I just got chased down the street by a mob of screaming village women with hand woven blankets on their heads, combs in their hair, heavy silver hoops in their ears and my wallet on their to-do list.
I’m in this stunningly beautiful Vietnamese mountain village on the border of China called Sapa where one of the big perks is that, aside from being on top of the world, you get to mingle with the indigenous tribes people, walk through their villages, stay at their homes, etc. Meanwhile, no one prepares you for the fact that they are the most ruthless salespeople in any third world country. Ever.
And the really sucky part is:
1.) You, of course, feel like a heel for not giving every single one of them something, anything, considering they could live for a year on what you’d spend on a taco. Their level of poverty is unthinkable and just because you were lucky enough to be born into a household with running water, you get to doop de doo through their lives on your holiday.
2.) You miss out on talking to some really interesting, hilarious people. I’ve had several awesome conversations with a couple of them, but you get so tired of trying to get through the I’m not buying anything from you part, which never ends actually, that after two days you find yourself sprinting down the street in hopes of out running them instead.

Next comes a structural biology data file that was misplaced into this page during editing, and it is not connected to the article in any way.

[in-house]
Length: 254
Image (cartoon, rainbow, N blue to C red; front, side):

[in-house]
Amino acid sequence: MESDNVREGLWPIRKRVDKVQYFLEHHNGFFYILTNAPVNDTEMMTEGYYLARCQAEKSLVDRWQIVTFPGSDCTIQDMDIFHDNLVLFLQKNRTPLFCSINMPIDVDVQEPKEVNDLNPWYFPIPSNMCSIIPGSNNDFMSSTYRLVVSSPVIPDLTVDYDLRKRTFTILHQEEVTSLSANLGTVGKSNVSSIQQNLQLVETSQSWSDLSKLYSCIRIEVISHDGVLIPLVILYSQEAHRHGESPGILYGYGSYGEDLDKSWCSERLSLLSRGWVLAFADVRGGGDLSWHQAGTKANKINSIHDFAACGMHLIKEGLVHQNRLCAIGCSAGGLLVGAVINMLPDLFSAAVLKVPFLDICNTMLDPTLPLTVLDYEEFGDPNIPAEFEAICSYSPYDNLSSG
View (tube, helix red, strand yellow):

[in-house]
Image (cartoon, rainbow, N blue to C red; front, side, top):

I took a guided trek with 6 other people down into the valley for an overnight stay in one of the villages. You start out literally up in the clouds, surrounded by endless fields of rice paddies and some of the most gorgeous mountaintops I’ve ever seen – I felt like I was flying – before descending straight down, for a knee-wobbling hour or three.
Our 18 year old guide, Tang, who fancied himself a poet and told us repeatedly how he longed for a girlfriend, would stop at every single overlook, sigh wistfully, sing, or sit and ponder, oblivious to our cries for help as The Village Ladies swarmed in on us.
At one point we passed a school where the girls were rehearsing a dance performance. They were smokin’:
We spent the night in a lodge of sorts, playing cards with our guides, eating and drinking happy water and woke up the next day to fog so thick you could chew a hole through it.
It had also rained overnight which meant that the narrow, dirt trails leading out of the valley had turned to slick mud and I spent the next 6 hours slipping, sliding, flailing and pulling sucked feet out of thick oozy rice paddies – it got so bad that I finally just had to give in and slide down Impossibly Steep Muddy Slope #73 on my ass because I knew I was going down anyway.
I looked like I’d slept under a pig by the time I finally crawled out of there.
All the while the village ladies effortlessly skipped along the slippery muddy rocks like little fairies in their crappy rubber boots and 99 cent store sandals, eagerly offering a helping hand to the clunky white people in our expensive shoes hoping that maybe, just maybe….
Two pairs of earrings and a blanket later, I crawled back into town and got a room that allegedly had a great view but, as we were getting sat on by a large cloud, I never found out for sure. It was really beautiful anyway.